On February 7, 2017, the United States Court of Appeals for the
Third Circuit affirmed a decision of the United States District
Court for the District of New Jersey finding that employers may use
electronic signatures in certain circumstances to bind employees to
restrictive covenants, such as non-competition and non-solicitation
agreements. The decision also shows that courts are more
likely to enforce non-solicitation agreements tied to current
customers and goodwill and, practically speaking, require a greater
showing before enforcing an agreement that prohibits former
employees from any and all competition with their former
The decision from the Third Circuit arose from two companion
cases, ADP v. Halpin and ADP v. Lynch. The
central controversy arose when two employees from payroll processor
ADP checked a box on the company website indicating that they had
"read all associated documents" – including a
non-compete agreement – in order to accept an award of stock
in ADP. The stock award's acceptance was expressly
conditioned upon the employees' checking this box and the
non-compete agreement was accessible by clicking on a separate link
next to the checkbox. According to the allegations in the
complaint, the employees later resigned from ADP to join a direct
competitor and began soliciting former ADP clients.
ADP thereafter brought an application for a preliminary
injunction against both former employees. The trial court found
that the employees were in fact bound by the non-compete agreement
but granted ADP's application for a preliminary injunction only
in part, enjoining the employees from soliciting current ADP
customers and restricting solicitation of prospective customers
only to the extent that the employees had knowledge of them while
working for ADP. However, the Court permitted the employees
to continue working for the competitor while the matter was fully
On appeal, the former employees argued principally that mutual
assent for the agreements was lacking because they were not
required to specifically acknowledge that they had agreed to the
restrictive covenants at issue. The Third Circuit rejected
this rationale, and concluded that the trial court had
appropriately found a sufficient showing of assent because the
employees checked the box indicating that they had "read"
the terms and conditions of the stock award and the documents
explicitly advised that the non-compete agreement was a condition
of accepting the stock award.
The Third Circuit also affirmed the trial court's ruling on
the scope of the preliminary injunction, finding that the trial
court did not abuse its discretion when it found that the
injunction was "reasonably tailored" to protect
ADP's legitimate business interests in that it permitted the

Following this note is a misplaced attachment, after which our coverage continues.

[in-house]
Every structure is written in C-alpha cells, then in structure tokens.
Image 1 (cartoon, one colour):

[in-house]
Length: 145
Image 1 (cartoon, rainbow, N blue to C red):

employees to work for their new employer and solicit prospective
customers about whom they had no knowledge while employed at
Moving forward, several lessons ring true. The first is that, as
a general matter and under many circumstances, employers may use
electronic click-wrap agreements to bind employees to restrictive
covenants, although the better practice would be to specifically
include language in electronic signatures stating that the employee
has both read and agreed to the restrictive covenant.
However, employers should be careful about the manner in
which restrictive covenants, including non-compete and
non-solicitation agreements, are presented to prospective
employees, which can raise legal obstacles to the covenant's
enforceability that are particularly apt in circumstances involving
click-through agreements and electronic signatures. The
second point may be less obvious, but equally important. That
is, even in situations where, as here, there appears to be little
doubt that former employees are violating the express terms of
their restrictive covenants, courts may not enforce the
agreement in its entirety absent a strong showing of specific,
identifiable harm. Remember, the trial court did not prevent
the former employees from continuing their employment with the
competing business. Additionally, they were not restrained from
soliciting ADP prospective customers of whom they had no knowledge
while employed at ADP. Finally, the trial court limited its
injunction to one year, the time period identified in the
agreement. Thus, this case confirms the very fact-specific
nature of cases of this nature and illustrates a general reluctance
of some courts to prohibit employees from working for a competitor
altogether absent a compelling reason.
The content of this article is intended to provide a general
guide to the subject matter. Specialist advice should be sought
about your specific circumstances.
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